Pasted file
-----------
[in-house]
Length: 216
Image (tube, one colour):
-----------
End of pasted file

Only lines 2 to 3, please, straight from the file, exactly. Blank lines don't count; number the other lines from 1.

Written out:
Length: 216
Image (tube, one colour):